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Deepening of Nieuwe Waterweg and Botlek complete

04 October 2019
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The Directorate-General for Public Works and Water Management (Rijkswaterstaat) and the Port of Rotterdam Authority celebrated the completion of the deepening of the Nieuwe Waterweg and Botlek yesterday. One of the busiest waterways in the Netherlands has been deepened by a metre and a half across a distance of 25 kilometres.

Nieuwe Waterweg port of Rotterdam
Photo: Danny Cornelissen

The ceremonial opening of the deepened Nieuwe Waterweg and Botlek was performed by Minister Cora van Nieuwenhuizen (Infrastructure & Water Management) and Ronald Paul, the Port of Rotterdam Authority’s Chief Operating Officer. The opening included a spectacular nautical salute together with vessels from contractors Van der Kamp and Boskalis, a Port of Rotterdam Authority patrol vessel and a Rijkswaterstaat vessel.

The Minister and Ronald Paul are proud of the excellent partnership and the speed with which this challenging contract was completed. The largest sea-going vessels with a depth of 15 metres can now also easily access Rotterdam port’s Botlek area. Minister Van Nieuwenhuizen: ‘Big, bigger, biggest. We’re talking here about the Aframax, Suezmax and Panamax, mammoth vessels that sail cheaper, more sustainably and safer. In the port sector, big is not only a matter of honour, but it’s also a condition for survival in today’s cut-throat competitive world. That is certainly true for the port of Rotterdam.’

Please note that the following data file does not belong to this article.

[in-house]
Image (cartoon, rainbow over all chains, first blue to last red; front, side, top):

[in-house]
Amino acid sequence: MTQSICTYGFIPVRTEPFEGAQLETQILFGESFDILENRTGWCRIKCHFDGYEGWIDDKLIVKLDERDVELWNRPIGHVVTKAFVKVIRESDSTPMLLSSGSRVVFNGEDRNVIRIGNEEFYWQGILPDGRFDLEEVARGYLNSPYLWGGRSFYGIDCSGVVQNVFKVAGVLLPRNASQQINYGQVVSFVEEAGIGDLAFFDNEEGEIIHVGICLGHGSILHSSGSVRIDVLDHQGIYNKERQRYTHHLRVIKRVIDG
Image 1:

Cora van Nieuwenhuizen and Ronald Paul

Ronald Paul: ‘That the biggest sea-going vessels can now access the Port of Rotterdam easily is vital to the competitive position of businesses in this area. Port Authority investments are eliciting a wide range of port business sector investments. This confirms our aim to continue to strengthen existing port industry, while also working hard to develop entirely new activities, for instance by investing in the energy transition and digitisation.’

The total joint investment amounted to around €70 million. The dredging activities were carried out while Europe’s busiest port remained open for business. Over 15,000 sea-going vessels navigate the Nieuwe Waterweg every year.